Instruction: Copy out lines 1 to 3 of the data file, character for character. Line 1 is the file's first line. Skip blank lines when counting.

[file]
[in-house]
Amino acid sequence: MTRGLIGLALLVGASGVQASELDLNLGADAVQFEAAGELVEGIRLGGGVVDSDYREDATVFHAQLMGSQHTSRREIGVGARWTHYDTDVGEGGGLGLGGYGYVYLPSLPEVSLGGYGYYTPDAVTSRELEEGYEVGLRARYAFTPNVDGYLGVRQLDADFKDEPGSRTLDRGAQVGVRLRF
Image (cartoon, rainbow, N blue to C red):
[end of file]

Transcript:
[in-house]
Amino acid sequence: MTRGLIGLALLVGASGVQASELDLNLGADAVQFEAAGELVEGIRLGGGVVDSDYREDATVFHAQLMGSQHTSRREIGVGARWTHYDTDVGEGGGLGLGGYGYVYLPSLPEVSLGGYGYYTPDAVTSRELEEGYEVGLRARYAFTPNVDGYLGVRQLDADFKDEPGSRTLDRGAQVGVRLRF
Image (cartoon, rainbow, N blue to C red):